Ute Mesa Lot 1, LLC v. First Citizens Bank & Trust, et al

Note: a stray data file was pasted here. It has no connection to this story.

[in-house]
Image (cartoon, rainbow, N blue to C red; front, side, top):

Ute Mesa, a Colorado real estate developer, received a multi-million dollar loan to construct a single family home on property it owned in Aspen. To secure the loan, United Western Bank prepared a deed of trust incorrectly identifying Ute Mesa's sole member as the owner rather than Ute Mesa. The Bank filed suit seeking a reformation of the deed of trust and a declaration that it had a first priority lien on the property. Days later, the Bank filed notice of lis pendens in the county real property records. Ute Mesa filed for Chapter 11 bankruptcy relief, and continued as debtor-in-possession of the property. Ute Mesa then filed an adversary proceeding against the Bank to avoid the lis pendens as a preferential transfer. The bankruptcy court granted the Bank's motion to dismiss, and the federal district court affirmed. Ute Mesa argued on appeal that a "transfer of an interest in property" occurs when a bona fide purchaser cannot acquire an interest superior to that of a creditor. According to Ute Mesa, because the lis pendens prevented a bona fide purchaser from acquiring an interest in the property superior to the Bank’s interest, the lis pendens qualified as a transfer of an interest in the property. The Tenth Circuit affirmed the district court's decision, finding that a lis pendens is "merely a notice" and does not constitute a lien, therefore, no transfer occurred. View "Ute Mesa Lot 1, LLC v. First Citizens Bank & Trust, et al" on Justia Law